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Publication numberUS20080154357 A1
Publication typeApplication
Application numberUS 11/795,925
PCT numberPCT/IL2006/000101
Publication dateJun 26, 2008
Filing dateJan 25, 2006
Priority dateJan 25, 2005
Also published asWO2006080007A2, WO2006080007A3
Publication number11795925, 795925, PCT/2006/101, PCT/IL/2006/000101, PCT/IL/2006/00101, PCT/IL/6/000101, PCT/IL/6/00101, PCT/IL2006/000101, PCT/IL2006/00101, PCT/IL2006000101, PCT/IL200600101, PCT/IL6/000101, PCT/IL6/00101, PCT/IL6000101, PCT/IL600101, US 2008/0154357 A1, US 2008/154357 A1, US 20080154357 A1, US 20080154357A1, US 2008154357 A1, US 2008154357A1, US-A1-20080154357, US-A1-2008154357, US2008/0154357A1, US2008/154357A1, US20080154357 A1, US20080154357A1, US2008154357 A1, US2008154357A1
InventorsAlon Shalev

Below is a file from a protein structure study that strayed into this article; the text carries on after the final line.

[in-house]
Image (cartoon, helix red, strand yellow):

Original AssigneeNicast Ltd.
Export CitationBiBTeX, EndNote, RefMan
External Links: USPTO, USPTO Assignment, Espacenet
Multiport Vascular Prosthesis
US 20080154357 A1
Abstract
A vascular prosthesis, comprising a primary tubular structure of non-woven polymer fibers and a secondary tubular structure of non-woven polymer fibers, the primary and the secondary tubular structures being in fluid communication via an anastomosis such that the primary tubular structure terminates at the anastomosis and the secondary tubular structure continues at the anastomosis.
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Claims(31)
1. A vascular prosthesis, comprising a primary tubular structure of non-woven polymer fibers and a secondary tubular structure of non-woven polymer fibers, said primary and said secondary tubular structures being in fluid communication via an anastomosis such that said primary tubular structure terminates at said anastomosis and said secondary tubular structure continues at said anastomosis.
2. A method of forming an arteriovenous shunt in a vasculature of a subject, the method comprising:
providing the vascular prosthesis of claim 1;
severing a vein of said vasculature, thereby creating a pair of vein ends;
forming an opening in a wall of an artery of said vasculature; and
connecting said secondary tubular structure to said pair of vein ends and said primary tubular structure to said opening in said wall of said artery, thereby forming the arteriovenous shunt.